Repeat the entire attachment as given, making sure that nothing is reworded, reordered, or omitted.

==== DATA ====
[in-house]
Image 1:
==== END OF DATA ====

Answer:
[in-house]
Image 1: